So everyday is a full day at the NCRS. On Monday we filmed the final segments of the 2013 NCRS video. I have shown earlier takes of this on previous posts. Below we see Mick of Creative Services getting Tim all miked up for his talking part. Notice we will have an action shot of a real (versus a cheap model like other companies might use) combine in the background, waiting for the "Action" cue. That's Michael and Doug getting the camera ready. I learned that Doug recently worked on a feature documentary of American Idol. I actually shook the hand that shook the hand of Jennifer Lopez! Pardon me, back to the, uh, research video. This year's feature will be out soon...so be on the lookout for watch parties in your neighborhood. Tim did a great job...you'll see.
In a nearby field on Farm 2, we see the harvesting of potato plots by Dr. Brian and the vegetable crew. (And yes, potatoes are classified as vegetables.) I hope they've noticed that there is nobody driving that tractor.
Look at how big this cover crop of winter peas has gotten since planted after wheat harvest on Farm 4.
Tuesday morning I took some soil tests from some plots where we are monitoring nutrient levels over time in response to different fertilizer applications. We have a hydraulic probe, but I like the old way. After that I went and watched a video on VHS tape and sent out some mimeographs. (Love that smell.)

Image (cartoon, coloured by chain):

In the meantime, it was time for corn harvest. Soybeans are done. Here is Stephanie weighing a plot load of corn.
After a while it becomes necessary to unload the corn from the grain cart into a truck. Stephanie and Phil look at each other with that "Who's going to take this to the elevator" look.
Never fear. Here's Neil Hall called out of retirement to be our truck driver. Neil used to be the truck mechanic back in the day when the company used to do that type of thing themselves. Neil also installed a platform in the grain tank of our first combine, a Gleaner K back in 1994. It was for me to stand on and catch the grain in a big bag for weighing later. That was a horrible task compared to now, but I didn't know any better at the time. Can't believe that was nearly 20 years ago, and I'm sure I haven't changed. I'll bet Neil feels the same way.
It was my turn to help some with harvest. Well Phil was in the combine and Tim was recording plot weights and Stephanie was measuring corn plot moisture and test weight back at the farm office, and Jeff was planting rye cover crop, so I drove the tractor pulling the grain cart. I wish we had a retractable grain auger that would make it easier to line up under. I hope John Deere is working on this as I'm sure there is a huge market for one. But it was fun to be back doing some real work.
Although Tim was doing the closest thing to work having to stand up and pay attention to the scale readout. Here we are unloading some more plot corn to fill the truck for Neil to haul. Fortunately we are always 1 pound under legal load limit.
And on and on it went, past sundown and into the night. That's when things get a little scary here on Farm 7. But nothing dared bother Research in Action.
And all of this in the first 48 hours of the week!